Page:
Iran vows to develop missile program amid pressures

Updated: 2016-01-02 10:46


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TEHRAN -- Iran will not slow down the pace of developing its missile program, despite the US pressures, the defense minister said Friday.

"We will vigorously press ahead with the development of missile capabilities within the framework of the country's defense policies," Brigadier Gen. Hossein Dehqan was quoted as saying by Tasnim news agency.

"There has been no interruption in the process of designing and manufacturing defensive ballistic missiles," Dehqan said, adding that the Iranian armed forces will employ all indigenous potential and equipment to strengthen the country's defense power, regardless of what foreigners say or do.

The deputy commander of Iran's Islamic Revolution Guards Corps, Brigadier Gen. Hossein Salami, also reiterated Friday that Iran will not hesitate a moment to develop its deterrent power against the threats posed by hegemonic powers.

The remarks by Iranian military officials followed Thursday's letter from President Hassan Rouhani to proceed with the country's missile program "with high speed and seriously" and expand Iran's missile capabilities in response to the US considered sanctions.

Rouhani's remarks were a response to the US Treasury Department's recent announcement that it was considering sanctions against a number of Iranian and international individuals and agencies for their alleged involvement in developing Iran's ballistic missile program.

"It is necessary to follow, more seriously and with high speed, the production of different kinds of missiles within the framework of the defensive policies," Rouhani said.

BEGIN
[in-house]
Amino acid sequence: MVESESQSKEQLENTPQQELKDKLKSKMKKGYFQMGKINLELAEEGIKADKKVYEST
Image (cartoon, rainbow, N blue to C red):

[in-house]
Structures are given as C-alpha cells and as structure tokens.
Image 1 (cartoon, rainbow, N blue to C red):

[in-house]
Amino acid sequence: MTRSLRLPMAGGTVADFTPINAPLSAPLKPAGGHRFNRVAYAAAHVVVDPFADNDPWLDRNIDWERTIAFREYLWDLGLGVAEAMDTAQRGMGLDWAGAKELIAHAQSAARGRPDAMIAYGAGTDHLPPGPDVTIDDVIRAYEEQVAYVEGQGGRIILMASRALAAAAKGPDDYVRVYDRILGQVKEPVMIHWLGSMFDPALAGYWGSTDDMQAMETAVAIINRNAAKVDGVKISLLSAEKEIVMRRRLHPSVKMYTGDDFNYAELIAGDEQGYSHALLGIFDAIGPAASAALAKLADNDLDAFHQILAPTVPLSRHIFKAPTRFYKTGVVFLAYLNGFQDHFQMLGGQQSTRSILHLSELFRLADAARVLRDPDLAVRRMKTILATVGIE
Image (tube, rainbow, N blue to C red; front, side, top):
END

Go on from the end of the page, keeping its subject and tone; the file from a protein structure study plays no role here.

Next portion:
The Defense Ministry is obliged to expand the missile capabilities of Iran, in case the United States insists on its "false and interfering measures," Rouhani said.

During the past nuclear talks, Iran emphasized that it will never negotiate over its deterrent power, including its missile program, and will never accept any restrictions in this regard.

The new US move to add individuals and companies to the sanction list is a response to Iran's recent test of a ballistic missile.

In October, Iran announced the tests of long-range Emad missile which could be guided and controlled until hitting the target with high precision.

A UN experts' report in December said that Iran violated UN Security Council Resolution 1929 by test-firing the Emad missile which is capable of delivering a nuclear warhead.

The UN report said that the Emad ballistic missile has a range of "no less than 1,000 km with a payload of at least 1,000 kg."

Under Resolution 1929, Iran is prohibited from working on ballistic missiles capable of delivering nuclear warheads.

Later, Dehqan said the Emad missile was "totally conventional," dismissing a UN experts' report in December that Iran violated the UN Security Council Resolution 1929 by test-firing the Emad missile capable of delivering a nuclear warhead.

Dehqan also said the October test was based on Iran's own interests for enhancement of its deterrent power. "Iran will not accept any restrictions in this regard."

Tehran is believed to have the largest ballistic missile arsenal in the Middle East and has developed a 2,000 km missile.

Iran and six world powers -- Britain, China, France, Germany, Russia and the United States -- signed a historic nuclear deal in July to imposes limits on the Iranian nuclear program in return for lifting of economic sanctions.

Under the deal, Iran will also receive natural uranium from Russia and Kazakhstan to be used in nuclear reactors for future energy production.

Earlier, a total of 11 tons of low-enriched uranium has been shipped to Russia from Iran while Norway has helped verify a shipment of 60 tons of raw uranium to Iran, as part of the nuclear deal.

Also this month, after a 12-year investigation of Iran's suspected nuclear plans, the International Atomic Energy Agency (IAEA) decided to close the process in light of the nuclear deal.

Board members of the United Nations nuclear agency adopted a resolution to close the investigation into whether Tehran once had a nuclear weapons program, upon a review of Iran's implementation of its commitments.